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Translation per subunit.

The translation (rise) per subunit.

Example: 20
Range: 1.0 to 150
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Rotational symmetry.

The rotational symmetry of the helix. There are 2 allowed values: Cn or Dn, where n is the cyclic symmetry along the helical axis.

Helix handedness.

The handedness (sense) of the helix (screw operator). If you move along the helix ('walk through it') and it rotates in a clockwise fashion it is right handed.

Example: RIGHT HANDED
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Rotation per unit

The rotation angle per subunit.

Example: 20
Range: 1.0 to 180
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Translation per subunit.

The translation (rise) per subunit.

Example: 20
Range: 1.0 to 150
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Rotational symmetry.

The rotational symmetry of the helix. There are 2 allowed values: Cn or Dn, where n is the cyclic symmetry along the helical axis.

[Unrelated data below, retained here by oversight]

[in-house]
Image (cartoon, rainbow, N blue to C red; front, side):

EM methodology

This should correspond to the primary experimental technique used for determining the structure which is being deposited.

Example: SINGLE PARTICLE RECONSTRUCTION

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Imposed symmetry

Point group symmetry applied to the deposited map, in Schoenflies notation (C[n-fold], D[n-fold], O, T, I), as described in 'Common conventions for interchange and archiving of three-dimensional electron microscopy information in structural biology.', J. Struct. Biol. 2005 (2):196-207. C1 is for asymmetric reconstruction.

Example: I
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Number of particles used in 3D reconstruction

The number of particles selected from the 2D projection images and used in the final 3D reconstruction.